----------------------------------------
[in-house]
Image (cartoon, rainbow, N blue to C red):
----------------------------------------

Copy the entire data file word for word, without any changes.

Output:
[in-house]
Image (cartoon, rainbow, N blue to C red):